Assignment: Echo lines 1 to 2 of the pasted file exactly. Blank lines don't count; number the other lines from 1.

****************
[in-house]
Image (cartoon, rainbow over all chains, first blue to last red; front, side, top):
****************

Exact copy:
[in-house]
Image (cartoon, rainbow over all chains, first blue to last red; front, side, top):